One of the more useful assets available to CETT, not to mention one of the greater possible threats it faces, is a rather secretive species called the "Fox-folk" (if they have a personal name, they haven't let any outsiders know about it).
On the one hand, they possess a unique set of skills that can serve an anti-alien paramilitary black-ops quite well, with their abilities to at blending in with crowds, their connections on the fringe of society, and combat abilities not normally available to human troops. On the other, they are probably the oldest xeno-infiltration unit still lurking amongst Earth's population.
While their origins are cloaked in myth, and CETT is ever watchful for the day when their "masters" might show up, for now these vulpine humanoids are few enough in number (and apparently content with hiding in the shadows of the urban landscape) to not pose an immediate threat.
Just as long as you meet their price, and/or peak their interest, you can at least expect high performance in their field of expertise.
As mentioned, the precise origins of the Fox-folk are known only to themselves, and there seems to be a silent agreement amongst them to keep things that way. However, a number of astute archeologists have theorized that they might have roots as far back as the earliest days of human civilization, with possible connections to multiple legends in animism pathologies, the most well known being the kitsune of Japan, although there have been some who also made links to European folklore, such as Reynard of France, and the enigmatic Huldra of Sweden (though the last link is tenuous at best).
As for the modern world, all that is known about them can be found in official (classified) government records, which are spotty at best, due in no small part to '98-'99, which destroyed a great deal of collected databases worldwide.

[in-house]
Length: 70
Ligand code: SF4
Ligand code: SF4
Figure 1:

[Clascsins--75-23 It has been confirmed, however, that what records that did survive where intentionally tampered with. As such, CETT is keeping an even closer eye than normal on Fox-folk activities. However, need trumps suspicion, and usage of vulpine agents doesn't seem to be ending anytime soon.
One of the most intriguing things about Fox-folk is their interactions with humans and each other. Generally Fox-folk are friendly, amiable, courteous, and quite comfortable in large crowds, at least as long as the crowd made up of humans. In fact, despite apparently being an infiltration unit, some can be quite the attention seekers, with a few taking up lives in front of the camera (or even behind it).
However, the times when more than six are in the same general area are surprisingly rare. While this would seem suspicious at first, there is actual scientific evidence, including a rather interesting experiment performed in the waning days of the Soviet Union, pointing to a more mundane explanation: they just can't stand each others' company. Why this is up for much debate, and there is some question that they might be putting on an act, but for those in the know it's just an interesting bit of trivia, one that also seem to connect to another oddity about them: they don't seem to have a "culture" of their own, instead preferring to integrate themselves into human culture as a whole, although this could be an element of their infiltration nature.
(more later, currently distracted)